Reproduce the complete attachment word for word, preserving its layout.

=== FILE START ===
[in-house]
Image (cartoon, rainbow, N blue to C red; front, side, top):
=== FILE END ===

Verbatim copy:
[in-house]
Image (cartoon, rainbow, N blue to C red; front, side, top):